This write up above raises an interesting question about how accurate obituary appreciations should be. It fails to mention that in the reconciliation process after his controversial book he had to sign that “I realize that serious ambiguities and doctrinal errors were perceived in my writings and therefore provoked negative reactions from other parties, affected relationships and led to an unfortunate polarization in the ecclesial community. I truly regret the harm this has caused.” He also made a long confession of orthodox Catholic faith which was signed by him and witnessed and published in the Church newspaper. There is really no point in trying now to argue that he never expressed regret or even try to hide that.

    To me it is important that he was fully reconciled with the Church and her faith.

    I think it is important to write the entire record to reflect the full life of this great man. Arguments over his true record which would dishonor him, may thereby be avoided. As a Catholic priest, he would have been the first to say that he was not faultless and needed the sacraments of the Church as much as any of us.

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    Fr. Tissa Balasuriya was a militant Catholic cleric who earned the praise of tens of thousands of progressives of all faiths. He dared to challenge some of the archaic views of the church, one being something like, that only christians can gain salvation and others are not children of God. His argumements were so convincing that he was the only cleric that the Vatican lifted the order of excommunication issued to any. He was a rational thinker and a great fighter for human rights and justice. May his soul rest in peace.
    Subra

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    I had many an encounter with Fr Tissa, and he is indeed a front runner in making religion work for people in a progressive manner. Absolutely clear in his thinking, tempered by evidence on a number of issues, extremely well read, therefore not afraid to be radical,articulate, spirited – he gave absolute meaning to the Centre for Society and Religion. May his soul rest in peace.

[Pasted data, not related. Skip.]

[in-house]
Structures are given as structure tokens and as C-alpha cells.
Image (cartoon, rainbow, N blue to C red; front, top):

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    During the period 1971 when Mrs. Bandararnyaka’s Govt along with so called Left parties staged a reign of terror against rural youths branding them as TERRORISTS and CHEGUARAS, the CSR was the only place really gave space for all progressive groups to meet and denounce the action of the Govt. Fr. Balasuriya was one of those who stood for the side of the poor youths who had been tortured and killed by the state machinery without mercy.He stood for rights of the people when some popular Catholic leaders were observing mum at critical situations in the country.He was very much worried when a war declared instead of resorting peace full means to resolve the ethnic conflict.I salute him and pray for blessings of the god.

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    I went today to the Centre for Society and Religion to pay my last respects to Fr Tissa Balasuriya, a person who dedicated his life for the cause of a just society. Many of us have been inspired by his work and life over the years.

    I was saddened however that Vasudeva Nanyakkara, Tissa Vitharana and Carlo Fonseka were allowed to make funeral orations in reminiscent praise of this great human being. It was only very recently, during the impeachment fiasco, that these three politicians behaved in a manner which was the very antithesis of the values Fr Tissa believed in.

    I thought it an ironic and great disrespect to the fallen hero that they should have been allowed to launder themselves in the aurora surrounding his casket.